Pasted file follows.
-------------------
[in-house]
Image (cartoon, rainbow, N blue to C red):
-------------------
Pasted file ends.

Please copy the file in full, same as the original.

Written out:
[in-house]
Image (cartoon, rainbow, N blue to C red):